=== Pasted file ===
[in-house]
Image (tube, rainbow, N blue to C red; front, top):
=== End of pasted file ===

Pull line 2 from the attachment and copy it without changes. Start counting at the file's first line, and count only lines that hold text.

Image (tube, rainbow, N blue to C red; front, top):